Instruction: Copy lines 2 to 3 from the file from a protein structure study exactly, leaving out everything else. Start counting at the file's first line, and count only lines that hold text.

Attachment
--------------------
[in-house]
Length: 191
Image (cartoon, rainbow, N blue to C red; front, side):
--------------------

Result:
Length: 191
Image (cartoon, rainbow, N blue to C red; front, side):